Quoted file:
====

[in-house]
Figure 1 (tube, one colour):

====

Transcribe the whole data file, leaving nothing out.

[in-house]
Figure 1 (tube, one colour):